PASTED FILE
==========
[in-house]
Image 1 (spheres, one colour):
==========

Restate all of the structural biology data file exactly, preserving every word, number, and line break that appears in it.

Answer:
[in-house]
Image 1 (spheres, one colour):